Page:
Tue, 02/05/2019

About the Teaching Committee: Supporting Developmental Scientists

This article continues a series highlighting the initiatives of SRCD’s 14 active standing and operational committees, their dedicated members, and how each contributes to a more vibrant Society and to advancing child development research. Each committee has its own charge from SRCD’s Governing Council and generates its own activities.

Spotlights on the Science and Social Policy Committee2019 Biennial Meeting Program Committee, the Student and Early Career Council (SECC), the Equity and Justice Committee, and the International Affairs Committee have been published. We continue with a closer look at the activities conducted by the Teaching Committee.

Marc H. Bornstein, President and Laura L. Namy, Executive Director


About the Committee

Since its inception in 2007, the Teaching Committee has lived by its mission statement to support and enhance quality teaching of developmental science in higher education. This mission is directly related to SRCD’s Strategic Plan of advancing and promoting developmental science to improve human lives and to communicate, exchange, and translate developmental science. Nearly every college student takes at least one course in developmental science. Undergraduate courses offer opportunities to disseminate developmental science and stress its applied importance to nonscientists who will someday shape policy as leaders and citizens. Through its focus on strengthening pedagogy and teaching effectiveness among SRCD members, the Teaching Committee serves to engage and build capacity among current and future developmental scientists.

Current Members

Note: Committee members and terms change following SRCD's Biennial Meeting in March 2019

Core Activities

The Teaching Committee’s principal activities over the last two years have included the SRCD Teaching Mentorship Program and planning for the 2019 SRCD Developmental Science Teaching Institute.

  • The SRCD Teaching Mentorship Program is an initiative which matches senior faculty with early career teachers to help develop and strengthen competencies in teaching and learning. The Program, coordinated by chair Dr. Laurie Kramer, Professor of Applied Psychology and Director of the University Honors Program at Northeastern University, and committee member Dr. Virginia Tompkins, Associate Professor at Ohio State University at Lima, was revitalized with efforts from the committee. Their successful effort resulted in 35 pairs of Mentors and Scholars which nearly doubled the number of mentoring relationships established during the previous round of the program.
  • The 2019 Developmental Science Teaching Institute has been coordinated under the leadership of Judith Bryant, Professor of Psychology at the University of South Florida, Maria Wong, Associate Professor of Psychology at Stevenson University, and Laurie Kramer serving as co-chairs and committee members Stephen Asatsa, Kyle Chambers, Stephanie Madsen, and Matthew Mulvaney. The Teaching Institute will be a day-long pre-conference to the 2019 SRCD Biennial, with The Society for the Teaching of Psychology as a sponsor. The theme of this year’s Teaching Institute is teaching about diversity, equity, and inclusion. The program includes: plenary addresses, workshops, round table/participant idea exchanges, poster sessions, and a networking reception.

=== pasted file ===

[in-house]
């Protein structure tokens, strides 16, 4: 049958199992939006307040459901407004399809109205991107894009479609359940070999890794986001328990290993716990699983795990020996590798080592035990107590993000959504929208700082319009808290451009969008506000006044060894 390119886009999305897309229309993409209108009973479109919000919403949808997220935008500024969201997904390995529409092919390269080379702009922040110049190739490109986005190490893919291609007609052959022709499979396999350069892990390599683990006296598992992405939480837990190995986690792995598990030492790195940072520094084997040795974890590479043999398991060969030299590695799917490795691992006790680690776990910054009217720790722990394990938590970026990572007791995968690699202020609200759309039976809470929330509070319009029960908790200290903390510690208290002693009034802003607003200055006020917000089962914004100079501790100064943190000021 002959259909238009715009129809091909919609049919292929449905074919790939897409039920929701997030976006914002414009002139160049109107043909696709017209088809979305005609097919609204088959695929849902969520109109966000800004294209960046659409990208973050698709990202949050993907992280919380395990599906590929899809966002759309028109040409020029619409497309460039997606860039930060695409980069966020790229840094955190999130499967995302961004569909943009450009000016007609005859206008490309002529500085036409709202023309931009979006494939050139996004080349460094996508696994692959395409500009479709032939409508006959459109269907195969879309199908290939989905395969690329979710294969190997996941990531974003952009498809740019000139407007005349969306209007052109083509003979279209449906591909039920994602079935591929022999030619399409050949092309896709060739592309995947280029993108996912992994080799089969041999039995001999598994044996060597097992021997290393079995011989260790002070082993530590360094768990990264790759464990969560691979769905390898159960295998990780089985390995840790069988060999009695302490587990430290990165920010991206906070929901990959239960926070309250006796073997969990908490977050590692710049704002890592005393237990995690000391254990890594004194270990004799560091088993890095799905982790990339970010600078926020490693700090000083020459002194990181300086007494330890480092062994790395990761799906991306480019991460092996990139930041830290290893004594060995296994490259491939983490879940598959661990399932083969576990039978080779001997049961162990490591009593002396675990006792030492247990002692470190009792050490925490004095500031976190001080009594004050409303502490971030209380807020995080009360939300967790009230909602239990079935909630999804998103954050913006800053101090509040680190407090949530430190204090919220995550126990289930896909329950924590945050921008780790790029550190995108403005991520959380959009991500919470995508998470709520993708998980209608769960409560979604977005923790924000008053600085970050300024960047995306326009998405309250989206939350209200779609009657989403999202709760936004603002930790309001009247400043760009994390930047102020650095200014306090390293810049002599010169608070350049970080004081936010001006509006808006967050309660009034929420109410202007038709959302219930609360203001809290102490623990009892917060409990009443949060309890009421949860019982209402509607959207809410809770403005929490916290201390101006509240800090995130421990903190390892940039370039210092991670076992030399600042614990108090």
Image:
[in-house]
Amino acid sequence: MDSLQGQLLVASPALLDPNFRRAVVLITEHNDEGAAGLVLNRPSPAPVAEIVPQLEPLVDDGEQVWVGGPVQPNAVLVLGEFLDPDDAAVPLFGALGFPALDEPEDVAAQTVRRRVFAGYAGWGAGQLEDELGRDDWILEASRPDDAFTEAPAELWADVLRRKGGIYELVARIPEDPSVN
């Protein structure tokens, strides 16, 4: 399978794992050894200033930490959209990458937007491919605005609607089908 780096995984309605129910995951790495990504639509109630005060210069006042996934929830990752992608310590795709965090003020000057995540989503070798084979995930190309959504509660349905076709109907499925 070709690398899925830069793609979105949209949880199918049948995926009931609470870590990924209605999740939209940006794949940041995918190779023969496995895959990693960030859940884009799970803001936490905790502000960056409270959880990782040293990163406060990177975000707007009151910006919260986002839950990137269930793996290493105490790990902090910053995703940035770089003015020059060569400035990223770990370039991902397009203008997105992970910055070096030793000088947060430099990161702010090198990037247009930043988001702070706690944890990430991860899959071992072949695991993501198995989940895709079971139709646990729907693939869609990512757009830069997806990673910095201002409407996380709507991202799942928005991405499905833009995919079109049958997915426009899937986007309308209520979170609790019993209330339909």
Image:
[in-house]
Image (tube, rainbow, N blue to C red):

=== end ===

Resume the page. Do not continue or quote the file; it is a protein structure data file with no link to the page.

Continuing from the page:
Looking Ahead
The Teaching Committee has several core activities in progress for the year ahead, including:

  • Highlighting the committee’s role in advancing the development of early career professionals and in supporting teachers of developmental science, for example, by presenting a carefully curated set of teaching resources or providing an online platform that invites the exchange of pedagogical ideas and effective practices.
  • Launching the next Teaching Mentorship Program beginning in the Fall of 2019.
  • Collaborations with other SRCD Committees to infuse excellence in teaching and learning in efforts to build a strong, effective, and diverse base of professionals in the developmental sciences.

The 2019 Biennial also marks the conclusion of Dr. Kramer’s tenure as chair. Current committee member, Dr. Matthew Mulvaney, Associate Professor at Syracuse University, will be stepping into the role. “It’s been an honor to serve as chair over the last several years and to bear witness to the enhanced programming we’ve been able to provide to early career scholars,” said Dr. Kramer. “I know that the Teaching Committee will continue to serve as a leader in the field for promoting effective teaching and learning, as well as diversity and inclusivity, in the developmental sciences.”